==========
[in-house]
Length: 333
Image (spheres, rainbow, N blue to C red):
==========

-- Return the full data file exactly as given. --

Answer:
[in-house]
Length: 333
Image (spheres, rainbow, N blue to C red):